Favourites in 2016: Popular music

December 28, 2016

Continuing with the year-end nostalgia, the theme for today is popular music.

In a year when I spent a considerable amount of time listening, it is discouraging to arrive at year’s end with so little to show for it. For whatever reason, I didn’t hear much this year that interested me.
leonard_cohen_you_want_it_darkerUntil a few weeks ago I wasn’t sure I would have any full album that I’d be comfortable calling my favourite of the year, but Leonard Cohen came to my rescue. You Want It Darker deserves the accolades it has received. It’s a dark record — I’m not sure that I, personally, would like it darker — but it has moments of real tenderness (“If I Didn’t Have Your Love”), and the haunting bleakness of the words is moderated by Cohen’s own warm humanity. Musically he retreats from the “live band” sound that I appreciated so much on Old Ideas in favour of synthesized sounds, but this, I take it, was in part because he was largely confined to his home during recording. His voice sounds great — limited, to be sure, and sometimes more speaking than singing, but still great.

Of course, we lost Leonard Cohen this year, which lends an extra poignancy to these songs. We knew it would happen one day. Each of his last three records I’d thought would be his last, and, sadly, I was finally right. He was ready, my Lord.

No other records made a strong appeal to me. I gave serious consideration to Nick Cave’s latest, but I don’t at present have the desire to spend much time with those devastatingly sad songs. I had high hopes for Radiohead’s A Moon Shaped Pool, but it slid away without leaving a trace. I have a feeling that Gillian Welch’s Revival revisit will be pretty terrific, but I haven’t yet had opportunity to hear it.



One song I loved this year: “Gale Song”, by The Lumineers. I find it mesmerizing:

My runner-up is Audrey Assad’s “Death Be Not Proud”, from her 2014 EP of the same name. The song is, of course, a riff on Donne’s sonnet:

To round out a top 3, I rather liked the Avett Brothers’ “No Hard Feelings”:


Children’s Music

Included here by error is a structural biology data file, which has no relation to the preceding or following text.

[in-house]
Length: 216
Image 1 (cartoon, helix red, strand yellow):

Last year I praised the children’s records of Justin Roberts, and I’m going to do the same this year. We’ve been listening to him all year, again, and have not grown weary. This year we acquired two old records he made under the name “Why Not Sea Monsters?”, one consisting entirely of songs “from the Hebrew Scriptures” and another of songs “from the New Testament”. Collections of songs about Bible stories are a dime a dozen, but songs of this quality are not. There are songs on well-worn stories like Daniel and the lions, Noah and the ark, Joseph and his brothers, the Good Samaritan, the miracle of the loaves and fish, and the three wise men. But there are some lesser-known subjects too: a very lovely song about Ruth’s plea to Naomi to allow them to stay together (Ruth 1:16-17), and a superb song based on God’s reply to Job, for example. These records can be ordered directly from Justin; he signed those he sent to us.

He also released a new record this year, Lemonade, and it’s pretty terrific too. I like it better than that other Lemonade. It’s an all-acoustic album, with real people playing real instruments, and he’s written songs up to his usual standard — about rolling down the hill, about a pet octopus, about having a tree house, and, my favourite, a touching song called “How Lucky We Are” that captures that quiet feeling of security that comes from being in the company of loving family and friends. Thanks, Justin, for these fine songs.


And that, all too briefly, was the best of my year in popular music.

15 Responses to “Favourites in 2016: Popular music”

  1. Rob Grano Says:

    My pop music year was pretty sparse as well, possibly the sparsest ever for me (which is really saying something).

    I stumbled across Cat Power on a few soundtracks and followed up listening to a few of her CD’s (Cat Power is the stage name of singer-songwriter Chan Marshall). A couple of the albums were mixed bags, but I ended up really liking her most recent record, Sun, from 2012. It’s a sort of mash-up of Americana and electronica, definitely her own thing. But she’s an interesting lyricist and has a good voice.